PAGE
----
Drash on Beresheet
Rabbi Nicole Roberts
North Shore Temple Emanuel
Chatswood, New South Wales
In his classic work, Legends of the Jews, Rabbi and scholar Louis Ginzberg arranges midrashim found in a variety of post-biblical Jewish sources into a narrative. The work reads like a story – a sort of extended and embellished Torah. In this volume, Beresheet is not the creation story we all know and love, with the waterfalls and the garden and the fig leaves. This is Creation, the B side. (For those under 40, the “B side” was the lesser known side of a vinyl record that didn’t get as much airplay as the smash hit on the A side.) The images in these creation stories are shocking:
One says that there were seven heavens created and seven earths corresponding (a multiverse?), the last of which is attached to God’s arm! Tevel (whence we get the term v’kol yoshvei tevel) is the first earthly level inhabited by living creatures—a species of human being that has two heads, four hands and feet, and two of every organ. This species’ parts quarrel with each other, especially over food.
Cheled is the earth we inhabit, separated from Tevel by a formless void, and by water. The wind blowing from the south brings such heat to this earth that “were it not for an angel, who “holds the south wind back with his pinions, the world would be consumed.” The waters of the earth are rebellious, like a monster. They threaten to overflow the entire earth, and God has to force them back into the sea and encircle the sea with sand, from which the water recoils.
The sun is so powerful, that it could travel south to north in a single instant. 365 angels restrain it from doing so, and each day one angel loosens his or her hold on the sun, so that it takes a full year for the sun to make this circuit. Because of the sins of humankind, however, the sun grows weaker, until it finally drops from the horizon as a sphere of blood, the sign of corruption.
On fifth day, God made the creatures of the sea, including the Leviathan, who rules the sea. Leviathan needs all the water from the Jordan to quench his thirst, he’s that big. When hungry, hot breath blows from his nostrils, making the waters seething hot. His fins radiate brilliant light that obscures the sun. He has a foul smell that makes him repulsive, however he will be served up as a delicacy to the pious in the world to come. Once the Leviathan is defeated, in a bloody battle with behemot (a giant land animal), his skin will be used for tents to shelter the pious while they eat his flesh. The rest will be stretched out over Jerusalem as a canopy, and the light from it will illumine the whole world.
Birds were also created on fifth day, including the Ziz, who is monstrously tall. When its ankles touch the earth, its head rests in the clouds. When its wings unfurl, they darken the sun. Once an egg from the Ziz crashed to the ground and broke, flooding sixty cities and felling three hundred cedars (which, in those early days, were also horribly enormous). The Ziz, like the Leviathan, is also destined to be served as delicacy to the pious at end of days.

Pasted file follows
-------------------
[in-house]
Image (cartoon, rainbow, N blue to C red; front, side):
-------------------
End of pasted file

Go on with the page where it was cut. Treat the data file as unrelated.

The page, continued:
On the sixth day, the mammalian equivalent to the Leviathan and Ziz is created, called behemot. The behemot had to be prevented from multiplying, or else the world would cease to exist, so God deprived them of the desire to propagate. Each creature requires the produce of a thousand mountains for its daily food. Its fate is to battle Leviathan to the death (of both), and then be served to the pious as an entrée.
There are many other monsters mentioned in these creation stories, like the re’em, a huge, horned creature. The world can only endure one couple of re’em at once, and only if they live at opposite ends of the earth. So they copulate only once every 70 years, at which point the male dies from the female’s bite.
Suffice to say, the universe was perceived as a scary place, replete with frightening creatures bearing the power to destroy all of creation at any moment. There are in these stories, however, some animals that are more constructive than destructive, like the shamir, who is tiny like a barley corn, but has the power to slice through materials as hard as diamonds. The shamir was put to sacred work, cutting the gemstones on the High Priest’s breastplate, and eventually hewing the stones from which the Temple was built, since iron tools (used for weaponry) could not be used. There was also the tachash, a creature whose skin was used for the Mishkan (tabernacle).
Which types of creatures are we? The horrible ones with destructive impact on the world, who need Divine or angelic restraint in order for the earth and its inhabitants to survive? Or the tiny productive ones – the shamir and tachash – whose nature is well suited to building a sacred life and the structures that make that sort of life possible? Like the Creation story itself, humanity bears both an A side and a B side. Which will be our enduring legacy?